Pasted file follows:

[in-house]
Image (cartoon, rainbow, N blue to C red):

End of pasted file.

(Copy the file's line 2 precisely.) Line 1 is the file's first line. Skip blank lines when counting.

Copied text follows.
Image (cartoon, rainbow, N blue to C red):